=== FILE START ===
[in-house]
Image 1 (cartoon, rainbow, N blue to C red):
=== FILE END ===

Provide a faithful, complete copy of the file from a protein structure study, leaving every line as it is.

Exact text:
[in-house]
Image 1 (cartoon, rainbow, N blue to C red):